The Carlisle Mosquito Online

Friday, January 7, 2000


Farmer fears impact of planned Chelmsford wells

Cranberry Bog farmer Mark Duffy gave the Chelmsford Conservation Commission and representatives of the Chelmsford Water District some stern statistics to factor into existing calculations on the likely impact of a proposed well field upstream of Carlisle's bog. The public hearing he addressed on December 21 was considering an application from the privately-run Chelmsford water district to locate six wells with a cumulative daily pumping capacity of 350,000 gallons in the Chelmsford portion of the Cranberry Bog Reservation. After listening intently for over an hour as the Chelmsford ConsCom quizzed water district managers on their proposal for solving water supply problems in South Chelmsford, Duffy requested time to explain the nature and extent of his irrigation requirements at the cranberry farm.

Pegging his average daily water consumption at 337,000 gallons, the farmer declared that, due to their shallow root system, his mature plants needed water two to three times a week, while new cuttings have to be irrigated daily. He identified two periods of peak demand during late fall and into the winter. An early fall frost means that the bog must be flooded temporarily to preserve the vulnerable crop. As winter settles in following the wet harvest, the plants themselves must be protected from a hard freeze. Therefore, when a frigid spell is forecast, the bog is again inundated; a protective sheet of ice is allowed to form over the plants, and subsequently the water is lowered to prevent their drowning under the icy shield. A warm spell that melts the ice may force this process to be repeated to reestablish protection.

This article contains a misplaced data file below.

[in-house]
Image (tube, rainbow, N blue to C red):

Apparently impressed at the implied arithmetic, commission member John Smeldane asked Duffy, "When the water district takes 350,000 gallons [from the watershed] and you take 337,000 gallons, what happens then?" Duffy replied, "Unfortunately, during the permitting process [involving the state Department of Environmental Protection] no mention whatever was made of what the bog is taking."

A look at a map of the Cranberry Bog Reservation shows the Heart Pond wetland system upon which the bog depends. It originates at the pond itself in South Chelmsford, whence River Meadow Brook flows southeasterly toward the cranberry farm. Damming of the stream as it reaches the bog has formed two holding ponds or impoundments that back up into Chelmsford and supply a major portion of the bog's water. The level of the water in the lower stream and its associated wetland is therefore affected by water storage and withdrawal from the impoundments.

Water rights

Duffy reminded his listeners that the bog operation has spanned more than a century and that its historic water rights were confirmed as part of the 1986 sale of the property to the two towns. He assured them that he has maintained these "registered rights" to take up to 357,000 gallons of water a day from the system, taking precedence over all other usages.

Explaining that although he is able to manage the water level in the impoundments so as to meet his normal requirements, the ponds do not assure sufficient water in times of severe drought or weather emergency. It is only then, and as a last resort, that he "pulls the boards" at Heart Pond for an additional supply. Duffy pointed out that the modern farming methods implemented over the past eight years of his stewardship have reduced the bog's water use significantly.